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Wild Dog Now Therapy Pet

Published in the Columbus Telegram on May 21, 2016

Daizy peeked into the open doorway and walked right in.

She sniffed around a bit, picking up the scent of candy set on a table just out of reach from her black nose. Her attention was pulled away from the sweet temptation when Elaine Kresha took a seat in the recliner in her room at The Heritage at Meridian Gardens.

Owner Jen Hill called Daizy, and the dog trotted over and sat, ready for the attention Kresha was about to give her.

I love animals. They love to be loved, Kresha said as she stroked the canines brown fur.

Daizy is a frequent visitor to those in the memory support unit at Meridian Gardens. The 7-year-old dog often comes with Hill on her daily visits to see her mother, Carol Rossi, who is a resident there. The 70-pound Lab and pit bull mix is welcomed into the community, often earning a scratch behind the ear from those passing by or treats such as apple slices from those hanging out in the dining room.

The road to becoming a therapy dog want exactly a path Hill saw for her four-legged friend when she adopted her in 2010 from Erna R. Badstieber Paws and Claws Adoption Center. Hillís daughter, Izzy, picked out Daizy from a cast of several other dogs.

Daizy was the only dog that wasn't barking. All the other dogs were jumping. Daizy was just there being polite,î the 9-year-old girl said.

The mild behavior Daizy showed in her kennel changed when the family took her home.

She was pretty wild, Hill said.

That explained why Daizy had been in and out of homes several times before the Hills took a chance on her. Daizy especially acted up when she was outside. One time she grabbed Izzy by her hooded sweatshirt and pulled her around the backyard. Another time she knocked the young girl down, causing Izzy to hit her head.

ìI thought that was it. We are done,î Hill said.

At that point, they had Daizy for about three weeks and started to bond with her, so they tried obedience training. Daizy responded to the training right away. It went so well that Hill was able to bring Daizy to Meridian Gardens to visit her mom. She also began to consider making her a therapy dog because of the positive effect she saw among the residents.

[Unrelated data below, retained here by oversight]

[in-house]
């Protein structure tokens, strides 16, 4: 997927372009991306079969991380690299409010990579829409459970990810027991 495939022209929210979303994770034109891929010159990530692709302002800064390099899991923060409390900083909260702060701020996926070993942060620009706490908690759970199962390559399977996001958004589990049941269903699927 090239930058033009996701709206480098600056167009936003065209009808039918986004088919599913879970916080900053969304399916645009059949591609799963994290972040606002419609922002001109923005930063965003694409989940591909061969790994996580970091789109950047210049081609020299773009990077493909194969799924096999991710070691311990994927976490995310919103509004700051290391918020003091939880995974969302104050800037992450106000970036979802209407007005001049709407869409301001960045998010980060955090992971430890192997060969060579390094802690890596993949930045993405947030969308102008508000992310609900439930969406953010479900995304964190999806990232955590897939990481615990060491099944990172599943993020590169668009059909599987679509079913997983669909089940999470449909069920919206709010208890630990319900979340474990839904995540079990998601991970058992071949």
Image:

ìIt just brought people joy,î Hill said.

Kim Valish, memory support director at Meridian Gardens, said the residents lighten up whenever Daizy is around.

For some, seeing Daizy helps bring back memories of their own childhood pets. The canine also provides a comforting, soothing presence.

People with high anxiety, it just melts away when they see her. They get really calm when the dog comes in, Valish said.

Daizy went through the process of becoming certified through Healing Hearts Therapy Dogs Inc. in Lincoln. She officially earned her American Kennel Club Canine Good Citizen certification in February.

She passed with flying colors. She was awesome,î Hill said.

Meridian Gardens isn't the only place where Daizy uses her therapy skills. The dog has also visited Center for Survivors to work with children. Hill is sometimes accompanied by her daughter while taking Daizy on her therapy duties and hopes the experience teaches the young girl about responsibility and kindness.

Daizy may not have acted like a therapy dog early on, but the transition is working out well for everyone involved. That is evident by watching the canine walk down the hall at Meridian Gardens, where she was greeted by one resident.

Oh, look at you. You look beautiful, Thala Hasselbalch said as she stopped to look at Daisy.

The dog stood still, letting the elderly woman pet her.

That is her smile,î Hill said, watching Daizy enjoy the moment. ìI can always tell when sheís smiling because her face wrinkles around the edges.î

Click here to read the article in the Columbus Telegram.